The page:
Friday, May 15, 2015

An Aviation Pioneer. His Cat. His Ladies...


John B. Moisant and Mademoiselle Fifi
FRaVMotC Virgil Xenophon left a comment on Tuna's Tuesday Trivia which peaked my interest:
Wanna know why New Orleans Intl Airport (Louis Armstrong Intl) has the identifier "MSY?" It stands for Moisant Stock Yards! a) stock yards used to exist out there when it was all farm-land and runway was grass besides them and b) It was subsequently named for a American named John Moisant who was killed when his plane crashed in an attempt to fly from downtown N.O. out to the stockyards. Google the guy on Wiki--was a REAL character. LOTS of flying firsts, made millions in Sugar Plantations in El Salvador where he led two failed revolutions-goes on and on. Was flt trained in France--You've GOT to read his Wiki entry!!!
So I did go read about this fascinating fellow over at Wikipedia and at the  Smithsonian's Air & Space website.
 
Definitely an interesting guy but what really got my attention was the fact that he was a cat guy.
 
Those of you unfamiliar with the feline species may not know that getting a cat to sit on your shoulders is not easy. Well, you don't actually get the cat to do it, the cat has to want to do it. In other words, it has to be the cat's idea.
 
All that aside, Mademoiselle Fifi wasn't just a cat who obviously cared for her human, she would go flying with him! You can read about that here.
 
I'm tempted make a "Grumman Cat" remark at this point, but I won't. But I will...
 
An F-14D Tomcat makes a near-supersonic low-level fly-by above the USS Theodore Roosevelt (CVN-71).
(U.S. Navy Photo)
Whoa! Where did that come from?

All kidding aside, Mr. Moisant's sister was also famous in aviation.
Matilde Moisant
Miss Moisant was the second woman in the United States to receive her pilot's certificate, at her brother Alfred's flight school. This was only a few weeks after her friend Harriet Quimby became the first woman in the U.S. to receive a pilot's certificate.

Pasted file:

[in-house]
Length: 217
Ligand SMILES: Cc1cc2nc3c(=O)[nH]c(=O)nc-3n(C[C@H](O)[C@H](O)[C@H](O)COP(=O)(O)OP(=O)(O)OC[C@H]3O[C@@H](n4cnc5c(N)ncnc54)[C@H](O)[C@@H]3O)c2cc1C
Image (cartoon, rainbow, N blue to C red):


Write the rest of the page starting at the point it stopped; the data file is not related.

Matilde Moisant (left) and Harriet Quimby
Early Aviation Pioneers
Sadly Miss Quimby was probably the first female pilot to be killed in a flying accident.
 
Harriet Quimby in her Blériot XI monoplane
While I couldn't find a reference to prove that she was the first female pilot to die in an aircraft incident, it stands to reason that she must have been. Even if she wasn't, it's sad to read of her fate.
On July 1, 1912, she flew in the Third Annual Boston Aviation Meet at Squantum, Massachusetts. Ironically, although she had obtained her ACA certificate to be allowed to participate in ACA events, the Boston meet was an unsanctioned contest. Quimby flew out to Boston Light in Boston Harbor at about 3000 feet, then returned and,  circled the airfield. William Willard, the organizer of the event and father of the aviator Charles Willard, was a passenger in her brand-new two-seat Bleriot monoplane. At an altitude of 1,500 feet the aircraft unexpectedly pitched forward for reasons still unknown. Both Willard and Quimby were ejected from their seats and fell to their deaths, while the plane "glided down and lodged itself in the mud". Wikipedia
 
Miss Moisant gave up flying the year after she started after crashing her aircraft. Apparently the same day the Titanic sank.
 
Flying can be dangerous. In those days it was nearly always dangerous. No seatbelts? No parachutes?
 
Damn!
 
Still and all, my readers always seem to clue me in to interesting stories.
 
Thanks Virgil!

4 comments:

  1. I recognize the smile on Ms Quimby's face in the last picture. I had a similar one on mine anytime I was at the controls.

    I never had a cat want to sit on my shoulder, but I did have one that would lay down on the top of my head. Took some getting used to, but he would just climb up on the back of my chair and scootch his way onto my head, then lay there and purr.

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    Replies
    1. I've had that smile one time. SNJ6 ride. Fun squared.

      Cats are an interesting species, one I have a long association with. They're all different, yet with a lot of similarities between them.

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  2. Supurb!

    Look at those pretty ladies with sense enough to keep their tats and industrials covered.

    Think I'll go start a revolution.

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